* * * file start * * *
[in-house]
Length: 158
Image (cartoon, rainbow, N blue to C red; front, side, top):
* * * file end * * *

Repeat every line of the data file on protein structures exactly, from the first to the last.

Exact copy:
[in-house]
Length: 158
Image (cartoon, rainbow, N blue to C red; front, side, top):